: Around 600 million years ago, Earth's first multicellular moving animals evolved. Known as the Ediacaran fauna, these early slug- and worm-like creatures fed off microbial mats that covered the ocean floor. For years, scientists have debated how these animals kept themselves from suffocating because the ocean at the time is thought to have had less than half of its current oxygen levels. Looking at modern environments that are also oxygen-depleted, scientists have discovered that oxygen levels spike near biomats, plant-like bacteria that pump out oxygen as a waste product of photosynthesis. "We think that animals used the small but highly oxygenated zones as oases," lead author Murray Gingras told Nature, giving the world's first complex animals the kick-start they needed to evolve. "This is a really neat solution to an old problem," Ediacaran researcher Jim Gehling told New Scientist.How the Heck:
What's the News
The researchers found a proxy for the ancient, oxygen-depleted environment by traveling to lagoons in the Los Roques archipelago in Venezuela. Just like the ocean 600 million years ago, the oxygen levels in these modern-day lagoons are often less than half of the current global levels.
Despite the overall low oxygen environment, the scientists discovered that the biomats on the lagoon floor harbored as much as four times the amount of oxygen as the surface waters. This is enough oxygen to support complex life, such as a community of worms.
The researchers' theory is strengthened by the fact that past researchers have found Ediacaran fossils alongside biomats. What's more, the researchers found animal burrows in the modern-day lagoon that were similar to fossilized animal burrows from the Ediacaran period.
What's the Context:
Paleontologists think the Ediacaran fauna represent the first moving, multicellular animals because the oldest rocks with animal burrows date to roughly 600 million years ago. Although, based on fossil evidence, they've known for a while that early animals fed on microbial mats, "this is the first time that researchers have shown how mats can function as important oxygen resources for fauna."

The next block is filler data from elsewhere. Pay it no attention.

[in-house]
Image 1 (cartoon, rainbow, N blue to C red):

The Ediacaran fauna thrived for millions of years but later vanished from the fossil record, replaced by the organisms of the Cambrian explosion around 542 million years ago.
Today, microbrial mats form in harsh environments that host few large animals; more large animals means more mixing of sediments, which halts microbrial growth. So the idea that early microbrial mats supplied the oxygen for multicellular animals is interesting because it means that biomats "provided the seed for their eventual demise." Once spread across wide swaths of ocean floor during the Ediacaran period, biomats diminished as more complex organisms started mixing up sediment at the start of the Cambrian.
Not So Fast: Some paleontologists point out that the early animals would have still struggled to survive at night, when the biomats would have stopped photosynthesizing and pumping out oxygen. At the present-day lagoon, some organisms, such as insect larvae, get around this hitch by hibernating at night, but there is no evidence yet that ancient organisms did the same. The Future Holds: Now the research team is studying Cambrian and Ediacaran rocks in Canada and Uruguay to understand how details of the animal-biomat-sediment interactions are recorded in the geological record. Reference: Gingras, M. , et al. "Possible evolution of mobile animals in association with microbial mats." Nature Geosci. doi:10.1038/NGEO1142